In a much-anticipated speech on health care Thursday afternoon, Mitt Romney delivered a "full-throated defense" of the overhaul he enacted five years ago as governor of Massachusetts, and tried to draw distinctions between his reform and President Obama's. Romney, widely viewed as the front-runner in a relatively lackluster Republican presidential field, has been dogged by conservative criticism of his health-care law and its mandate requiring citizens to buy their own insurance or face penalties. The "debate over ObamaCare and the larger entitlement state may be the central question of the 2012 election," The Wall Street Journal said in an "absolutely brutal" editorial on Thursday morning. "On that question, Mr. Romney is compromised and not credible." In his speech, Romney pointedly refused to apologize for his Massachusetts plan. Did he do enough to silence his critics?
No, Romney failed to make his case: Romney "just gave a more articulate defense of ObamaCare" than the president "ever has," says Avik Roy in National Review. Romney still supports the individual mandate in Massachusetts, and "was not persuasive" in trying to "make a distinction between RomneyCare and ObamaCare." He failed to note any important differences between the two plans. In fact, "he convincingly made the opposite case" — that his overhaul and Obama's "are based on the same fundamental concept."
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And he looked "absurd" trying: Romney's "attempt to thread the needle" in identifying differences between his plan and Obama's "looked completely absurd," says David Dayen at Firedoglake. Romney didn't back away from the individual mandate in Massachusetts. Instead, he effectively "doubled down on it and defended it, at times pretty strongly" — while at the same time arguing that it would be wrong for the nation as a whole. It's hard to see how that will help him in the Republican primaries.
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Romney has nothing to apologize for: Romney "was defending himself in a kangaroo court," says The Boston Globe in an editorial. His "supposed offense "wasn't an offense at all." The real crime here "was that the former governor felt the need to cater to the most misleading and overblown criticisms of federal health-care reform." In his speech Thursday, Romney "offered realistic assessments and some useful, pragmatic solutions," and came across as a "gifted businessman" and "talented public servant." The "tragedy" here is that "there’s no place" for someone like Romney "in today’s conservatism."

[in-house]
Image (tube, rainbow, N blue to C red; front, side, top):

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Mitt wants to show he's no flip-flopper: Everything about Romney's remarks was meant "to send a broader message about his commitment to authenticity," says Chris Cillizza in The Washington Post. From the words themselves — Romney said he wasn't adjusting his stance "to reflect the political sentiment" — to his refusal to use a script or Teleprompter, the "entire presentation screamed openness." That approach "is in striking contrast" to Romney's 2008 run, when he was pilloried for lacking "conviction on any issue." Clearly, "Romney is done running from his record." The "question in the days, weeks, and months to come is whether that strategy is the right one."
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But it will take more to convince voters: Romney gave his speech from the "carefully controlled environment" of a University of Michigan classroom, but he really needs to hit the campaign trail to win over the electorate, says Michael Scherer in TIME. Writing newspaper op-eds and and explaining PowerPoint slides won't help when it comes time for a real Republican showdown. To "win the nomination, Romney will have to engage his detractors and win a public debate."
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